Drawing an F1 car using CAD
Tagged: F1 CAD
14th September 2012, 2:17 at 2:17 am #204235
@dot_com Nope, I’m using Inventor now, so I’m using the built-in renderer from it. I agree, the rendered images look pretty good, I kinda makes me proud of my car when I look at them :P I’m rendering an image right now, but it’s going to take forever with my lack of processing power…14th September 2012, 2:33 at 2:33 am #204236
Here’s a beta version of the engine air box. By far the most annoying, tiresome and hardest part up until now. I’m probably going to take a few days away from the project because I really need some fresh ideas.17th September 2012, 12:46 at 12:46 pm #204237
@guilherme Holy crap. My school year started recently so I’ve been busy dealing with my students and havent been able to reply to you, but I wish I saw this sooner. This is impressive for someone who’s been using Inventor for a couple years, much less for someone who just started using it.
Try looking at grabcad.com. Its a site where people can post things they made. You may wanna post some of this simply to look cool.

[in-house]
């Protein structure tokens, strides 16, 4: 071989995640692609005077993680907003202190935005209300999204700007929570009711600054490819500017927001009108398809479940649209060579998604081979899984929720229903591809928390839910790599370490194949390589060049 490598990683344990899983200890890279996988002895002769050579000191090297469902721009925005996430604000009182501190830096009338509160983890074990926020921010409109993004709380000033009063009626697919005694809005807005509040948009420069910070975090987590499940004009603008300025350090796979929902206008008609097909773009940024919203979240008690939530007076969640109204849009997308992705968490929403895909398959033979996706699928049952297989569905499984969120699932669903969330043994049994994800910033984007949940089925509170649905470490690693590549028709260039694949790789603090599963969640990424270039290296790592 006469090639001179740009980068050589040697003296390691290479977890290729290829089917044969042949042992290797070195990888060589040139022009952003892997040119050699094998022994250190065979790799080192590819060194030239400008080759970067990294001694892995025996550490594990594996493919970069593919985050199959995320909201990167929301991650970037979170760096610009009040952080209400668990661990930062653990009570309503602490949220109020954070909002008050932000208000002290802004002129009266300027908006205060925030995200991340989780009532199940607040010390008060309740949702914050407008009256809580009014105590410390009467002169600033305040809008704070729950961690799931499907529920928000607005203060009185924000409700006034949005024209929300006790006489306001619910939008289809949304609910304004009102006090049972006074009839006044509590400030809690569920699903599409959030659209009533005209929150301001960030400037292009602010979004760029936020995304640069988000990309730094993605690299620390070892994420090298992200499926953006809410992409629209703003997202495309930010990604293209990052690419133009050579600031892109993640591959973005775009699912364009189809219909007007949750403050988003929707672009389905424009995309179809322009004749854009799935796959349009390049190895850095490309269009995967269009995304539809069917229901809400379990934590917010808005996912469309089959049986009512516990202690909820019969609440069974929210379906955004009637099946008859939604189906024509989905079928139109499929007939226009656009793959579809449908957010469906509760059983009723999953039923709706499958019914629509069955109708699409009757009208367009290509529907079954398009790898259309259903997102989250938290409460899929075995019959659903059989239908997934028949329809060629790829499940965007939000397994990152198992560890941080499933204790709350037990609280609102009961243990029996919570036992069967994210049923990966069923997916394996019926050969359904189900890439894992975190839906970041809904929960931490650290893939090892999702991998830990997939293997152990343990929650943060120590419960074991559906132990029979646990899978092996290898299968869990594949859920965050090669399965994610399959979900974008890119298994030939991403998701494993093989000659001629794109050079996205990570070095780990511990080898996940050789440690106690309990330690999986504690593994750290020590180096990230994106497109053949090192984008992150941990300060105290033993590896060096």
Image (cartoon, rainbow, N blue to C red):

@dot_com For the 2013 version Autodesk Inventor added a rendering engine called Ray Tracing. Its a rendering engine built off of 3DS Max Studio’s engine (forget which one) but a bit simpler to allow for interactive rendering. Its a pretty good engine, especially if you set it to do a better render. It takes more time, but can often look really good. That being said though you cant play much with the lights or background, so its only used for quick renders. The best way to get a good render is to still import it into 3DS Max and do a proper render in there.17th September 2012, 15:26 at 3:26 pm #204238
@guilherme Really nice detail around the airbox. I can only imagine how much effort’s going into this but it truly is impressive!20th September 2012, 5:33 at 5:33 am #204239